the big question in the exit poll will be just how many people from minority communities have turned out. that's been the big challenge for the republicans. >> south carolina is population here greater than iowa and new hampshire combined. the challenge for the republican party is to tap into that diversity so that their voters do not look just like republican voters from iowa and new hampshire. >> in south carolina, it's a diverse state in terms of ethnicity and race, the republican party remains a largely white party. it is not deepened derbly its region to citizens of colors.
that's ironic give that two of the most influence members of the party in south carolina include an african-american governor an senator. >> the democrati democratic party has tried to convince black that is they're the only option. but many are opening their eyes and saying so where has that gotten us. we have more crime, and everything is much worse. maybe if it's not working you should look at something else. >> they'll vote for the first time in the election in november. they don't want to see party pandering to groups. they want to look at issues faced by real people. >> what really matters is you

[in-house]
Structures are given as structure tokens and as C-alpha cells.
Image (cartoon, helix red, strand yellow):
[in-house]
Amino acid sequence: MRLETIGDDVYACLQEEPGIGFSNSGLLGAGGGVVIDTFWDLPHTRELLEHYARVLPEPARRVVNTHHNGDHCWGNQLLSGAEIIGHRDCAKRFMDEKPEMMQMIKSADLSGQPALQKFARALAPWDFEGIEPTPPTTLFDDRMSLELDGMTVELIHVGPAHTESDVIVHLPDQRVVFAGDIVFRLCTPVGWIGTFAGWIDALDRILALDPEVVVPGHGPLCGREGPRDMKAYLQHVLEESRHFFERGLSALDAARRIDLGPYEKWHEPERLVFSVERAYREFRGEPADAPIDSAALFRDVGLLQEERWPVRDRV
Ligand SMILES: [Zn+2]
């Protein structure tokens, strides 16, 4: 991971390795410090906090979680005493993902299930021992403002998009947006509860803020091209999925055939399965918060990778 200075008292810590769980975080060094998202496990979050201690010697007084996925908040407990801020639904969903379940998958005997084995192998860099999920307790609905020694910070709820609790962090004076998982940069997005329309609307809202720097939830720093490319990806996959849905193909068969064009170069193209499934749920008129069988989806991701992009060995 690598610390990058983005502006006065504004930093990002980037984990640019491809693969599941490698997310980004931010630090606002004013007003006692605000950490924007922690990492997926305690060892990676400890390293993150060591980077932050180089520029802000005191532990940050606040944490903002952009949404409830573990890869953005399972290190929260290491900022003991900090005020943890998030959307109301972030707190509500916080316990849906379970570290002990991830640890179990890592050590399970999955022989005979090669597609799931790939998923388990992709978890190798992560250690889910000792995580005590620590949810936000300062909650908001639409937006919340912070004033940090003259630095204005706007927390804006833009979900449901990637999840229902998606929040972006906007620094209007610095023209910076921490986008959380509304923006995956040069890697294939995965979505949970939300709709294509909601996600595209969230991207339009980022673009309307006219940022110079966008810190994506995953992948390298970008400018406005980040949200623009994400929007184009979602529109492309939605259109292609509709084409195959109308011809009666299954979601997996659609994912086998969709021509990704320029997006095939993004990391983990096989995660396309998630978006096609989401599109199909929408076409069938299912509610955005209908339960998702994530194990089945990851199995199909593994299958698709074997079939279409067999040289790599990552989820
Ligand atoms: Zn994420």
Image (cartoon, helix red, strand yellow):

can consider the democrat and you can say you're a republican, but i think it's the passion and what the issues are. >> it's been said that the road to the white house goes through south korea. win here and you can win anywhere. >> what are the polls predicting? what should we be watching for? >> well, we should be watching how donald trump does. remember the last few days he has been involved in a spat with the pope. if you're going to take on an iconic figure he seems like an unlikely one when you're trying is to win south carolina. particularly when many identify themselves as evangelical christian or strongly christian. but donald trump has gone through these trials and process and it has done no damage to his